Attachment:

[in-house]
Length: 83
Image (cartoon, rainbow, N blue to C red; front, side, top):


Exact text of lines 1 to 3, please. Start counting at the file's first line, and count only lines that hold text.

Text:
[in-house]
Length: 83
Image (cartoon, rainbow, N blue to C red; front, side, top):